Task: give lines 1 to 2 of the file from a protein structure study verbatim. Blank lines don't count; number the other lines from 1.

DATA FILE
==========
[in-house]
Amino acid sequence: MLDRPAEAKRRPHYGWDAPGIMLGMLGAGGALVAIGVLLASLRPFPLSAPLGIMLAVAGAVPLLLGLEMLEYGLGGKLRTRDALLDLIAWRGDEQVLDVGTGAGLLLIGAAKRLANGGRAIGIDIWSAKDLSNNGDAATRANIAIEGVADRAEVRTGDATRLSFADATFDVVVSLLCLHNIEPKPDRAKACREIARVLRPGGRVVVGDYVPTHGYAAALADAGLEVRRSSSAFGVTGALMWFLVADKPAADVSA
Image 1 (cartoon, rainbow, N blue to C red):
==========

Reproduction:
[in-house]
Amino acid sequence: MLDRPAEAKRRPHYGWDAPGIMLGMLGAGGALVAIGVLLASLRPFPLSAPLGIMLAVAGAVPLLLGLEMLEYGLGGKLRTRDALLDLIAWRGDEQVLDVGTGAGLLLIGAAKRLANGGRAIGIDIWSAKDLSNNGDAATRANIAIEGVADRAEVRTGDATRLSFADATFDVVVSLLCLHNIEPKPDRAKACREIARVLRPGGRVVVGDYVPTHGYAAALADAGLEVRRSSSAFGVTGALMWFLVADKPAADVSA